The Peatcutter's Croft is located in the small, beautiful township of Badrallach on the Dundonnell estate. It is about an hour from Inverness Airport with its direct air links to the major British airports.
By air: BA, BMI an EasyJet fly to Inverness Airport from Heathrow, Gatwick, Luton, Edinburgh, Glasgow, Belfast, the Isles and elsewhere. Collection can be arranged at a small additional cost.
By rail: Garve is the nearest station on the stunning Inverness to Kyle route. It is about 30 miles away and collection can be arranged at a small additional cost.
By road: The journey time from Inverness is just over an hour. Take the A9 north from Inverness onto the A835 to Ullapool. Approx. 10 miles from Ullapool, at Braemore Junction, turn left onto the A832 and proceed for another 10 miles before turning right onto the single-track road, signposted for Badrallach, for a further eight miles. If you're travelling north along the coast from Gairloch, follow the A823 and turn left at the Badrallach signpost about one and a half miles past the Dundonnell Hotel. Please be aware that coming up the coast road from Inverness will add almost two hours to your journey time.
By bus: We can arrange pick-up from Inverness or Braemore Junction (15 miles away), which is served several times daily by both Rapsons and Citylink to and from the Ullapool-Stornaway ferry. The Westerbus (01445 712255) Gairloch-Inverness-Gairloch route also passes the road end (7 miles away) on Mondays, Wednesdays and Saturdays.
Visit the multimap website for a map of how to find us.
"Shell-ridden white sandy beaches, tree-lined gorges and massive craggy peaks await you”
Situated on the Dundonnell Estate with its beautiful mansion house, The Peatcutter’s Croft has been a working croft since the 19th Century. Wherever possible, we live off the surrounding land and sea – growing our own fruit and vegetables, enjoying fresh fish from the loch, cutting peat from the hillside and using dead wood from the gorgeous birch forest in our garden.
Wonderful opportunities abound for sailing, scuba diving, hill walking, bird watching, climbing, deer stalking, salmon and trout fishing and the new local 9-hole golf course on the shores of Loch Broom. There is an indoor swimming pool in Ullapool, and the area’s many sandy beaches are easily accessible. These are just some of our favourites…
An Teallach: Composed of weathered Torridonian sandstone and Quartzite boulders, An Teallach has two Munros (Bidean a’Glas Thuill and Sgurr Fiona) and eight tops, the highest point being 3484ft. Deep corries, sheer drops and impressive pinnacles, often coated with snow, make this one of Scotland's finest mountains.
Ullapool: Whether it’s delicious fish and chips or a close encounter with a Common Seal, Ullapool has many highlights and is just over half an hour away. By day you can while away the hours in the cafes, pottery and bookshops, and come the evening The Chelidh Place is a fantastic venue for food, drink and music. Ullapool is also the gateway to the Outer Hebrides and there are regular Caledonian MacBrayne ferry sailings from and to the Isle of Lewis.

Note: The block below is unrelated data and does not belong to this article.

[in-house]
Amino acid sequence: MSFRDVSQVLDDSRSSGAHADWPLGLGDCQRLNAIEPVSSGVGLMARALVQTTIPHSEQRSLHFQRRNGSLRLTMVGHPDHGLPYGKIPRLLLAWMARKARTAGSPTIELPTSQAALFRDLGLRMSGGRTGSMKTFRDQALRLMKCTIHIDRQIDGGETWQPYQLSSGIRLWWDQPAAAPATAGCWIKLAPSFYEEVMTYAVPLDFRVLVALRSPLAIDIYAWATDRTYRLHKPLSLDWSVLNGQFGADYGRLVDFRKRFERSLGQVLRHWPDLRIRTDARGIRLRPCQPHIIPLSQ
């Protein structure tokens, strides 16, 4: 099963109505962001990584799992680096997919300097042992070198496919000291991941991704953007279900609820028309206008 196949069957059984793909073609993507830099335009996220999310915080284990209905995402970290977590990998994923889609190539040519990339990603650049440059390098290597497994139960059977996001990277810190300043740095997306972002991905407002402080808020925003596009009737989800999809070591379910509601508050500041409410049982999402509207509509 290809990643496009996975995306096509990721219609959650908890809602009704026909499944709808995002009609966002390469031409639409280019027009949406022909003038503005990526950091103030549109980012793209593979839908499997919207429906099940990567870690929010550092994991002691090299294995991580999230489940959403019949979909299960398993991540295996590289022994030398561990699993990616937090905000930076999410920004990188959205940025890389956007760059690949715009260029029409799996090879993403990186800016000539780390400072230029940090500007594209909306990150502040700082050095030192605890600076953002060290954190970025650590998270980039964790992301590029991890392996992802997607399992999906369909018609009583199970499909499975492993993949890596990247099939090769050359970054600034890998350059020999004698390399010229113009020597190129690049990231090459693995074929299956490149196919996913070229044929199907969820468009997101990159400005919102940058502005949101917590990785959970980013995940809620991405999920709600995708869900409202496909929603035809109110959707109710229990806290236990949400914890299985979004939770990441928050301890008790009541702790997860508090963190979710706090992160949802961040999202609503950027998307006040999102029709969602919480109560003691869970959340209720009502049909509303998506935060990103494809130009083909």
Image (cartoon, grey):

Gruinard Bay: Just half an hour away you will find three beautiful beaches around this bay, all with pink sand from the Torridon rocks. All are perfect afternoon picnic destinations to fully appreciate the stunning sunset views.
Mellon Udrigle: A beautiful white sandy beach, just 12 miles from Badrallach, with a fabulous distant mountain vista. To the north east the views include Suilven, 25 miles north, the mountains of Coigach, including the top of Stac Pollaidh. To the south east the views treat you to a glimpse of An Teallach.
Inverewe Gardens, Poolewe: The wonderfully-named Osgood MacKenzie began building a baronial-style mansion and its fantastic gardens in 1862. Now owned by the National Trust, the site is warmed by the Atlantic Gulf Stream, which has helped to produce gardens of great beauty. Featuring massive rhododendrons, plus stunning walled, Japanese and woodland themed areas, Inverewe also has a visitor centre, shop, cafe and book shop. It is just half an hour’s drive away.
Corrieshalloch Gorge: This mile-long gorge is 60m (200ft) deep, with the river plunging 46m (150ft) over the Falls of Measach. You can walk over the suspension bridge above the gorge and the viewing platform provides a great vantage point.
Beinn Ghoblach The views from this hill, directly behind The Peatcutter’s Croft, are stunning – with Ullapool, the Summer Isles, An Teallach and the Scoraig peninsula stretching out before you.
Walk to Scoraig: Best-known for its pioneering use of wind power, the isolated crofting community of Scoraig is only accessible by boat or on foot from Badrallach. The 5-mile walk along the shore of Little Loch Broom offers some stunning views out to sea.
Further afield: Inverness, the famous Loch Ness, the Culloden battlefield, the historic Caledonian Canal and Clava Cairns, a fascinating archaeological site, are all just over an hour’s drive away.
The A832 is a scenic route which connects to Oban and the Isle of Skye if you wish to make the most of your time here and travel down the stunning west coast.
“Ooh, it's a G-plan cave, a cool blend of rough whitewashed stone and glass. Beside a Norwegian Jotul woodburner are baskets of peat and logs. A Vitra chair by Mario Bellini is covered by a sheepskin throw and sits invitingly beside shelves bearing Scottish titles.”
Sally Shalam, The Guardian, May 2009. To read the full review, visit The Guardian website.
"My favourite place is Badrallach, a hamlet on the northwest coast of Scotland, and a place where - come drizzle, sunshine or fog - I spent every summer holiday during my childhood. It's also, mystifyingly, deserted. Even in August, the mountainous soft-purple coast is one of the most beautiful and unpopulated places I've ever visited ..."
Travel writer Edward Marriott, The Observer's 20 Best-Kept Travel Secrets, October 2007